What moves us to action?
Last night I attended a powerful program about the genocide currently taking place in Darfur. (Full disclosure: the program was planned by my husband. I was proud.) The speakers – Rev. Dr. Gloria White-Hammond of the Million Voices for Darfur campaign, Mark Hanis of the Genocide Intervention Network, and Sifa Nsengimana of the Massachusetts Coalition to Save Darfur – gave informative presentations that also focused on specific steps we can take to help end the genocide in Darfur, which has already killed 400,000 people and displaced more than 2,000,000.
In order to inspire action, of course, the presenters drew on what sparked their own passion for this issue and appealed to ways that each of us in the audience might connect with this atrocity, happening so far away, to a people most of us haven’t encountered.
Sifa comes to this work as a refugee from Rwanda who lost 85 members of her family in the Rwandan genocide. For her, this work is personal, and she implored us to see it in personal terms, ending her talk with the direction: “Whatever you would do if this were happening to your family, to your children, get up and do that now.”
Mark, too, was initially motivated by family history: his four grandparents were all survivors of the Holocaust. As a college student reading about Darfur in the paper, this personal legacy of genocide made him ask what he could do to stop the killing.
Gloria was drawn to work in the Sudan during the civil war conflict between north and south, in which southern Sudanese were sold as slaves. She first traveled to Sudan to confront the existence of slavery in the 21st century. While there, it was the stories of Sudanese women that particularly grabbed her, leaving her with the resounding question “Who will be my sister’s keeper?” She returned to Sudan and co-founded a multi-racial women’s collective called My Sister’s Keeper, which supports communities of women in Sudan through schools for girls, by providing grinding mills to ease women’s daily labor, and by funding medical training for Sudanese doctors and nurses. In her work on the crisis in Darfur, Gloria continues to highlight women’s experiences – particularly how rape is used as a strategic weapon to undermine communities. She also emphasized the power of women to make change, quoting Eleanor Roosevelt, who said “Women, whether subtly or vociferously, have always been a tremendous power in the destiny of the world.”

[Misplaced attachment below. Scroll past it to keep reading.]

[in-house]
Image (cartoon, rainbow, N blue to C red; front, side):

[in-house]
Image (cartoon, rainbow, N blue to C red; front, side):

Sometimes the enormity of the world’s problems overwhelms and even paralyzes me. Contemplating all of the issues that require our attention often distances me from, rather than draws me to, a solution. This program reminded me that empathy underlies most social change. We’re most committed to and effective on the issues that move us in a personal way, but it is our responsibility to figure out what those issues are, or how we can connect personally with an issue even if it doesn’t immediately resonate with our life experience. There has been much talk in recent months about the imperative for Jews to act on the genocide in Darfur; last night’s program reminded me that we may also feel responsible and moved as women. What motivates you to take action?